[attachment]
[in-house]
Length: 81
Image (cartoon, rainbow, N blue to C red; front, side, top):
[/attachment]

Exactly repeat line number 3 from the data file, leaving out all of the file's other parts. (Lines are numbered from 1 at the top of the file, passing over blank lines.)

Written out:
Image (cartoon, rainbow, N blue to C red; front, side, top):